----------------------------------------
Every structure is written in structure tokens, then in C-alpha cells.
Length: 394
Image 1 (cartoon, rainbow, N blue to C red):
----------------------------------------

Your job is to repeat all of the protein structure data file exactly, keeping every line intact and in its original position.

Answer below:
Every structure is written in structure tokens, then in C-alpha cells.
Length: 394
Image 1 (cartoon, rainbow, N blue to C red):